He grinned. “Well, good for him!”
“Good?!” She slammed the door behind her. “You mean you encourage your children to attack strangers in the streets? Now I see I must really take Daisy away from your influence!”
“You ain’t gonna,” Bo put in.
She narrowed her eyes at him. He narrowed right back. “Leave, young man, if you know what’s good for you.”
“I ain’t afraid of you.”
Jesse held up a quieting hand. “Perhaps the lady’s right, Bo,” he said slowly, still holding Roseanne’s gaze. “Go find Luke and Daisy, and you three go to the church. I’ll meet you there later. This is an adult matter.”
For a moment, he thought Bo was going to defy him, but then the blond boy bent his head and nodded. “Okay, Uncle Jesse.” He went out the door, making as much of a detour away from Roseanne as possible.
“At least he listens to *you*,” the city-bred woman sniffed. “Why haven’t you raised him with any respect for authority?”
Jesse stared at her calmly. “I’ve raised all my children with respect for authority, Roseanne. But family comes first, and yes, he will fight to protect his cousin.”
“I will never understand you country bumpkins’ sense of right and wrong!” she hissed.
Hogg stepped out from behind his desk. “Now wait just a minute! Did I just hear you call us country bumpkins?”
“That’s precisely what you are,” she told the commissioner coldly. “A pack of mountain-dwelling, poor, outlaws and moonshine runners who farm and hunt for their own food because they don’t have enough money to buy it.”
Jesse’s jaw tightened. “Those’re mighty strong words, Roseanne.”
“And I mean every one of them!” she declared. “Now where’s my niece, so I can get out of this little one-horse town for good.”
“Wait a minute!” Hogg repeated, coming up to her. “This is our home, and we’re proud of it.”
“Well, *you* can be proud of it. *I* want out of it, as soon as possible. Where’s Daisy?” she directed her speech back to Jesse.
“Why do you think I’d just go and give her back to you, especially after she and the boys went to so much trouble to get her away?” he demanded.
Her eyes flashed fire. “You probably approved that criminal scheme, as well!”
“No,” he shook his head, “I didn’t know about it, and wouldn’t have let them go if I had. But now that Daisy’s back here, where she so obviously wants to be, why would I make her leave?”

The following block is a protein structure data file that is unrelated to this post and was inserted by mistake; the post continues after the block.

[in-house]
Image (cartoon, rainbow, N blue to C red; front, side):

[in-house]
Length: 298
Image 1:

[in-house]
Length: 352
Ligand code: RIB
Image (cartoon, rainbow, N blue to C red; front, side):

“Because I say so!”
Jesse drew himself up, eyes glowing dangerously. “Just because you have more money than folks like us don’t mean we have to obey you like we’re servants.”
“Won’t you even discipline your children for what they did?” she demanded. “It might as well have been kidnapping!”
He gazed thoughtfully at this city woman, seeing that she would stomp on anyone and everyone in her path to get to the goal she desired. “I was thinkin’ on it, but now that I see what kind of a person you really are, Roseanne Douglas, I think the boys did the right thing by rescuing their cousin.”
“So you can just get out of town,” Hogg broke in, scowling.
She smiled, coldly. “Oh, hardly. I’ve come for my niece, and I’m going to get her.”
Jesse’s eyes narrowed, just slightly. “No, you are not,” he said quietly, enunciating each word. She’s a Duke, and her father wanted her to stay with me when her mother died.”
“But I could offer her so much more. You know who would win a hearing for the child. I have more money, more resources, more connections.” Her eyes were icily confident now.
“Money ain’t everything, Roseanne,” Jesse said quietly. “A child needs love more than any amount of toys or fancy clothes. And would you give her that love? Would you hold her when she didn’t feel well, would you clean up scraped knees and fix broken toys?”
Roseanne’s mouth went down at the corners. “You can’t even speak properly! *Ain’t*, indeed! And why should I mend broken toys, when I could so easily buy her new ones? Mending is for poor people. Besides which, she wouldn’t break anything or scrape any knees under my care in the first place. She’d be completely safeguarded, kept from all harm and disaster.”
“But would she be happy that way?” Jesse pressed angrily. “Kids need some risks in life. Believe me, she’s happier climbing trees and playing softball, even if she does get hurt once in a while, than sitting indoors learning to play piano so that she can impress your snooty guests.”
Roseanne’s eyes hardened. “That is hardly the question here.”
“It should be.”
“Look, look,” Hogg interrupted, coming between the combatants. “This is a legal matter, ain’t it?”
“Yes,” Roseanne snapped.
Jesse frowned. “I suppose so, but…”
“Then why don’t we just solve it that way?” The commissioner crossed the room to the door and took down his hat from the coat stand. “The circuit judge is in town this week; why don’t we ask him what the court decision is?”
“Now you are making sense! Where is he, if you don’t have a courthouse?”
“At the church. It’s where all the town and legal meetings are held,” Hogg informed her.
Jesse looked over at his old buddy. “Well, JD,” he said reluctantly, “if it’s the only way to keep Daisy…” He picked up his hat from his friend’s desk. “Then let’s go talk to this judge.”